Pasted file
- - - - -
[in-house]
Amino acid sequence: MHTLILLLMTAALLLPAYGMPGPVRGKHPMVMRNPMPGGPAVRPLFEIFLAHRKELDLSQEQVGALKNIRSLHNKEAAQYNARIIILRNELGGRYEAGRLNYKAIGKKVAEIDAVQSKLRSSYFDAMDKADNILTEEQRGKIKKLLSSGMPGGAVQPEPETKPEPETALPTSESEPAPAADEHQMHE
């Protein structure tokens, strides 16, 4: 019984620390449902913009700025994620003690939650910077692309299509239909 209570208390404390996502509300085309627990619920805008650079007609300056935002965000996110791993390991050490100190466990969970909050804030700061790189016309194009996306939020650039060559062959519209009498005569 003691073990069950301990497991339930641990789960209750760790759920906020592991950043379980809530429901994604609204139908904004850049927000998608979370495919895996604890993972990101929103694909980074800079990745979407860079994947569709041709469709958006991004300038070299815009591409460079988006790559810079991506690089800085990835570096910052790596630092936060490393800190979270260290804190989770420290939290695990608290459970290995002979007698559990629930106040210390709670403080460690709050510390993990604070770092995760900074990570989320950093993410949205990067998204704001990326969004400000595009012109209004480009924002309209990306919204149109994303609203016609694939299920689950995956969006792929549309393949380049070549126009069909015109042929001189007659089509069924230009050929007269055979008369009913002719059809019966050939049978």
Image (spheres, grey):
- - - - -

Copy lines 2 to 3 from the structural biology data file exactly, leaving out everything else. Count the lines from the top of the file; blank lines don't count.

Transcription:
Amino acid sequence: MHTLILLLMTAALLLPAYGMPGPVRGKHPMVMRNPMPGGPAVRPLFEIFLAHRKELDLSQEQVGALKNIRSLHNKEAAQYNARIIILRNELGGRYEAGRLNYKAIGKKVAEIDAVQSKLRSSYFDAMDKADNILTEEQRGKIKKLLSSGMPGGAVQPEPETKPEPETALPTSESEPAPAADEHQMHE
């Protein structure tokens, strides 16, 4: 019984620390449902913009700025994620003690939650910077692309299509239909 209570208390404390996502509300085309627990619920805008650079007609300056935002965000996110791993390991050490100190466990969970909050804030700061790189016309194009996306939020650039060559062959519209009498005569 003691073990069950301990497991339930641990789960209750760790759920906020592991950043379980809530429901994604609204139908904004850049927000998608979370495919895996604890993972990101929103694909980074800079990745979407860079994947569709041709469709958006991004300038070299815009591409460079988006790559810079991506690089800085990835570096910052790596630092936060490393800190979270260290804190989770420290939290695990608290459970290995002979007698559990629930106040210390709670403080460690709050510390993990604070770092995760900074990570989320950093993410949205990067998204704001990326969004400000595009012109209004480009924002309209990306919204149109994303609203016609694939299920689950995956969006792929549309393949380049070549126009069909015109042929001189007659089509069924230009050929007269055979008369009913002719059809019966050939049978």